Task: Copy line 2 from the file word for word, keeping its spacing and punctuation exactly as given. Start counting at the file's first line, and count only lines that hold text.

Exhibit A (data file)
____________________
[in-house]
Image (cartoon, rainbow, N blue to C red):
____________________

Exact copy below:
Image (cartoon, rainbow, N blue to C red):